Anyone who dared to speak out against Qaddafi's interpretation of Islam was brutalized. In 1981, the most prominent case of this occurred as Salafi preacher, Muhammad al-Bashti, was tortured and killed by Libyan security forces after voicing opposition. This oppression at home led militants to join the mujahideen (fighters) fighting against the Soviet Union in Afghanistan. At the close of that conflict, these Libyans scattered. Some returned home, while others joined with Osama bin Laden in Sudan.

After decades of poor economic development, Qaddafi began to liberalize Libya in the 1990s. During this time, Libyans who had fought in Afghanistan against the Soviet Union returned to the dismal economic prospects. In September 1995, fierce fighting erupted between security forces and Islamist guerillas in Benghazi. After weeks of fighting, the LIFG announced its formation and two main goals: The destruction of Qaddafi's regime to be replaced by an Islamic state, and the success of the continued international jihad (holy war).

LEADERSHIP

ANAS SEBAI

LIFG is headed by Anas Sebai, who is also a key figure in al-Qaeda. Omar Rashed serves as the spokesperson for LIFG. He voices the groups disdain for Qaddafi. He also criticizes Israel and voices support for international jihad.

PHILOSOPHY AND TACTICS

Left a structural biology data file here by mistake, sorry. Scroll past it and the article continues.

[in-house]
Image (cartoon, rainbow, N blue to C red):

Much of the LIFG is considered a mystery. The group was founded with the central goal to over-throw Qaddafi's regime and replace it with an Islamist state in Libya. It looks to the tradition of Islam in Libya, including the clerics Qaddafi originally used to legitimize his own government. Beginning as a group of veterans returning from fighting the Soviet Union in Afghanistan, the group honed its skills in training camps set up in Sudan by Osama bin Laden to train his own militants. Between 1995 and 1998, the group focused its operations within Libya and against Qaddafi. Using guerilla warfare tactics, the group sought conflicts with the Libyan security forces. After officially declaring itself and its goals in 1995, the group launched a series of attacks on security forces in 1996, including several assassination attempts. The last attempt occurred in August 1998 with an attack on Qaddafi's motorcade. Although all of the assassination attempts have failed, many of the attempts have come quite close to taking Qaddafi's life. Many of the attempts appeared to have assistance from Qaddafi's own security forces. In September and November 1996, two failed military coups also suggested cooperation between military and Islamists. After a 1998 sweep, much of the LIFG was either exiled or imprisoned. By 1999, operations slowed to a low-intensity insurgency. There is still considered to be a clandestine operation within Libya, however, most have left the country to support other Islamic jihad organizations. With their forces weakened within the state, the group began to foster deeper alliances with Osama bin Laden and the al-Qaeda network. It vocally supports international jihad and has smuggled weapons into the country to aid in its struggle. The LIFG operates by obtaining funds from private entities and Islamic non-governmental organizations. The group is also suspected as one of several organizations that supplied materials for the May 2003 suicide bombing in Casablanca.